I was having trouble falling asleep the other night so I started humming lullabies to myself, faint memories from my childhood.
Norwegian nursery rhymes came to me first, soothing tunes and sweet lyrics about Mister Sandman and loving relationships between mothers and daughters.
Then I started whispering the lyrics to some Icelandic lullabies I knew. I had never really thought about their meaning before, but now I began analyzing the words coming out of my mouth.
Suddenly my blood froze. I had been dozing off, but now I was wide awake. Could this be true? Could this sweet little nursery rhyme really be that creepy? Were Icelandic parents trying to scare their kids into falling asleep?
Bíum, bíum, bambaló, Bambaló og dillidillidó. Vini mínum vagga ég í ró, en úti bídur andlit á glugga.
“Beeum, beeum, bambalow, Bambalow and dillidillidow. I rock my friend to sleep, but outside there’s a face in the window.”
It’s not the only one that sounds a bit odd:
Bí, bí og blaka álftirnar kvaka. Ég læt sem ég sofi en samt mun ég vaka.
Bíum, bíum, bamba, börnin litlu ramba fram á fjallakamba ad leita sér lamba.
“Bee, bee and blaka, the swans are twittering. I pretend to be asleep but still I am awake.
Beeum, Beeum, bamba, the little children wander out to the edge of the mountains to look for lambs.”
The most beautiful Icelandic lullaby of all Sofdu unga ástin mín (“Sleep my young darling”) is perhaps also the most terrifying. Because in this song, sleeping refers to dying. It was written by Jóhann Sigurjónsson (1880-1919) for his play about the most famous Icelandic outlaws, Fjalla-Eyvindur and his wife Halla, who lived in Iceland’s highlands in the late 18th century. Halla sang this song to her baby before she threw it into a waterfall so she could follow her husband on his run from the authorities. The last verse goes like this:
Sofdu lengi, sofdu rótt, seint mun best ad vakna. Maedan kenna mun thér fljótt, medan hallar degi skjótt. Ad mennirnir elska, missa, gráta og sakna.
“Sleep long, sleep tight, it is best to wake up late. The hardship will teach you soon, while the day turns to night, that people feel love, loss, sadness and longing.”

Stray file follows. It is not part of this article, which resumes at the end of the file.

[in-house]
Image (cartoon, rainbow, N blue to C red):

Instead of trying to fall asleep, I started wondering why on earth people would sing such tragic and twisted lullabies to their children. Why didn’t they sing about something safe and comforting instead of making their little ones believe that danger was lurking around the corner?
But I guess these nursery rhymes merely reflect the Icelandic reality in which they were born.
People were certain blood-thirsty ghosts and other supernatural creatures were roaming around in the darkness. But it was safe inside, so even though there was a face in the window, children could fall asleep without worry.
In the second lullaby, the person singing could be saying that he or she will be watching over the children although it may seem as though he or she were asleep. Other children were not so fortunate that they could go to sleep that evening, because they had to work, looking for lambs in the mountains.
As for Halla and Fjalla-Eyvindur… killing their own newborn is horrifying, of course. But sometimes, in the harsh reality of Iceland’s past, parents had no other choice. There were already too many mouths to feed and every other child was dying of hunger or disease anyway. Or the mother was not married and would have to face horrible punishment if her guilt of pre-marital sex were brought to light (although the child’s father would be off the hook, naturally), and a fate worse than death could be awaiting the child. It would often be taken away from the mother and become a nidursetningur, a pauper, and be sent to a farm, often as some kind of slave. It would have to work harder than anyone else, survive off the scraps from the table and be subject to bullying and beating.
The practice of bera út, abandoning a child in nature to die of exposure, was so important to Icelanders that it was one of the three exceptions they were granted when the nation converted to Christianity in 1000 AD. The other two exceptions were eating horse meat (which you’ll still find in the grocer’s meat case) and ritual scarification carried out in secret.
So, even though Icelandic lullabies are creepy, they are also an important testimony to the past. And, as long as today’s children won’t be too scared to fall asleep, these rhymes should be used to lull them into slumber. If for no other reason than the relief that there is no face in the window, that young children are not made to look for lambs in the mountains and that they will never, ever be thrown into waterfalls.
ESA – [email protected]